One thing I did try to impress on the visitors was the counterintuitive idea that the senior class is the true (double-secret) focus of Reunions. Very few colleges now do any such alumni gathering when the students are present, and that certainly means a more shallow experience for everybody. Clamping the kids into the alumni body and giving them (literally, in the P-rade) their marching orders prior to Commencement is a win-win-win for all concerned. Malcolm Warnock ’25 this year earned the Class of ’23 Cane as the senior returning alumnus in the P-rade (his fifth win, ’25’s 10th). When he was a senior, the Class of 1865 was marching, so he personally has seen 145 years of Princeton’s history. This is a powerful way to extend your own experience and perspective, to double your lifespan while having a cold one. A pretty fine trick, that.
The natural focus on the Old Guard (translation for the Ivy group: 66th reunion and up) at Reunions tends to overshadow the transitional 65th reunion, which certainly should be a point to paws (sic) and reflect. This year, the Class of ’44 decided not to go gentle into that good night, but instead to re-enact the Second World War, recognizing their 22 fallen classmates and taking great pains to bring back families of classmates, alive and dead. Their P-rade award-winning entry included a brown-shoe Army drill team, the Army band Pershing’s Own from Fort Myer, Va., and a slew of authentic jeeps that fought in Europe. Their total attendance of 350 more than tripled the existing record for a 65th reunion, one of those quantum bar-raising episodes that will have repercussions for many 65ths to come.
Reunions also plays unexpected tricks on your mind. Despite ’44’s Greatest Generation, it wasn’t the World War that occurred spontaneously to me this year, it was the Cold War. From John Foster Dulles 1908 to George Kennan ’25 to George Schultz ’42, many Tigers were closely woven into that epoch, and two of the most interesting marked milestones in 2009.
Hervey Stockman ’44 didn’t make it back for the great 65th celebration; his eyesight’s pretty much gone; he doesn’t travel that far anymore. And he’s traveled enough. While he was part of the class’s involvement in World War II (90 percent served in the military in some capacity) as a fighter pilot, his great trial came much later, after the rise of the Soviet and Chinese communist regimes led to a bilateral nuclear world. Recalled to active flying duty during Korea, the Cold War’s first hot salvo, he decided to stay in the service and put in a full career, and so ended up in Vietnam. His plane went down over Hanoi in 1966 (oddly, because of a botched flight plan, not enemy fire) and he ended up tortured in Hao Lo Prison, the infamous Hanoi Hilton, captive for 2,092 days. One of the finer – and most difficult to read – articles ever done for this magazine is Dan White ’65’s interview with Stockman (PAW, Oct. 9, 1973) after his release. Reflecting the wisdom of someone who knows himself, it shows startlingly both the courage and the debasement that war distills from the human psyche. Of course, we didn’t need Vietnam to show us that, nor did Stockman, who had 22 dead classmates already. The muddling of the war and anti-communist containment is such that historians will fight over its meaning long after those of us who were there are with the Old Guard in the sky. To Stockman, it was personal.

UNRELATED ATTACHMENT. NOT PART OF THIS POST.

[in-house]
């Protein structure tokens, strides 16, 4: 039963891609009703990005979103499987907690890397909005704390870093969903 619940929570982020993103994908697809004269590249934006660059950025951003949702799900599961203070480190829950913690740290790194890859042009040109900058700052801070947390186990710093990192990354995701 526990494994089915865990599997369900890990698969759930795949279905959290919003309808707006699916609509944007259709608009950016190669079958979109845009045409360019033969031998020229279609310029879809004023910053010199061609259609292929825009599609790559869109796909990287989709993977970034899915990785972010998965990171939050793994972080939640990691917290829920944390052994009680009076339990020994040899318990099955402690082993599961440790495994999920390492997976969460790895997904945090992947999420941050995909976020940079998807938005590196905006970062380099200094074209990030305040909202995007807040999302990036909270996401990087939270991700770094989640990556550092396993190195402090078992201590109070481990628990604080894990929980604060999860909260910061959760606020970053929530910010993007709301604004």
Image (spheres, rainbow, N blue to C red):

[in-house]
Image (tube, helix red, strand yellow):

Meanwhile, the political controversies of the Cold War were barely less acrimonious (see J. Robert Oppenheimer h’66). And caught in the maelstrom of not one but two of them was the great Princeton alumnus, Judge Harold Medina 1909, who watched the P-rade for the first time just 100 years ago. A brilliant French language protégé of young Professor Christian Gauss, he went into the law on his mother’s advice (PAW, June 5, 1988), built a thriving New York career, then went onto the federal bench in 1947. He drew the Smith Act trial of the leaders of the American Communist Party in 1949, and for 11 months presided over a circus replete with fear (consider that the FBI had just named Helen Keller and Danny Kaye communists), innuendo, loaded meanings, and uncharted arguments. He kept things together sufficiently to make the cover of Time Magazine midway through the trial and tolerated little guff: in addition to the 11 defendants who were found guilty, five defense attorneys went to prison for contempt. Promoted to the federal circuit appeals bench in 1953, Medina served for 27 years, until he was 92. He became a Princeton trustee, and in that role along with Harold Helm ’20 was crucial in supporting President Dodds in the Cold War cause célèbre of 1956. The issue: allowing Alger Hiss, just released from prison for perjury in a supposed spy case, to make his first public address at the request of Whig-Clio (PAW, May 3, 1976). Among all the exercised parties to the white-hot debate on campus and in the world press, only Medina seemed concerned with the First Amendment; even Dodds was arguing only “student responsibility” – in other words, let them make their own mistakes. Medina and Helm held the day with the nervous trustees, Hiss spoke (boringly), and nobody remembered what all the fuss was about. In the academic world, Princeton’s reputation as a place of serious learning and intellectual inquiry skyrocketed.
After joining the Old Guard in 1975, Medina gradually became the poster boy for Reunions as well, his white walrus mustache, twinkly eye and (active!) judicial attitude forming an irresistible image for the youngsters. A survivor of the Cold War along with Hervey Stockman, he led the P-rade with the Class of ’23 Cane in 1985 and 1986, when he was 98. No one ever enjoyed it more.